Carlos Lee and Ozzie Guillen are already on the same page.

"Ozzie is a good manager," Lee said before the Miami Marlins played the Milwaukee Brewers on Thursday. "All he wants is for you also to play the game right. I feel the same way."

The Marlins acquired Lee from the Houston Astros in a trade on Wednesday.

Guillen and Lee were together one year with the Chicago White Sox. Now Guillen looks for Lee to provide offensive punch and veteran leadership.

Lee knows that Guillen is intense and passionate about the game.

"In Chicago, that was the way he was," Lee said. "He let you play and make sure you play the game right."

Lee spent his first five seasons with Chicago under Jerry Manuel. Guillen took over for the 2004 season.

With Lee's help, Guillen steered the White Sox to a second-place finish in the AL Central.

Lee, who played left field, batted .305 in 153 games that season. He hit 31 home runs and drove in 99 RBIs. While a White Sox, he never drove in less than 80 RBIs.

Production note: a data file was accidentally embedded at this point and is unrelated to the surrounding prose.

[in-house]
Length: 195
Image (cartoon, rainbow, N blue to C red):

The Marlins hope that Lee, who said he knows most of his new teammates, is the spark to get them back into the NL East race. The 36-year-old first baseman spent five-plus seasons with the Astros and is hitting .287 with five homers and 29 RBI this year.

"Everybody says this is a nice clubhouse," he said. "They have fun playing the game."

Brewers manager Ron Roenicke saw no reason why Lee couldn't be productive for the Marlins.

"He does what it takes to drive in that run," Roenicke said. "He'll get jammed and still hit a ground ball and score a run. He's really good at that."

Lee believes he still has plenty left in his tank.

"I know I can do it," said Lee, who started at first base. "I still do it (drive in runs). With this team, I could have a lot more opportunities. I look forward to the challenge."

Lee said his decision not to accept a trade to the Los Angeles Dodgers was personal.

"It's a family thing," he said. "Basically, I couldn't get everyone to agree to it."

The Astros acquired third baseman Matt Dominguez and left-handed pitcher Rob Rasmussen in the deal with the Marlins. He did not have to approve the trade because the Marlins were not listed on his limited no-trade clause.

"It's a good hitting park, if you're a line drive hitter," he said of Marlins Park. "If you're a home run hitter, it's kind of (tough). It's a pretty big porch."